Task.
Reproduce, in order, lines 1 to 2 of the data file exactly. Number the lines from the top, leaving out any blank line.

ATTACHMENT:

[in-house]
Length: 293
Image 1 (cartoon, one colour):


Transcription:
[in-house]
Length: 293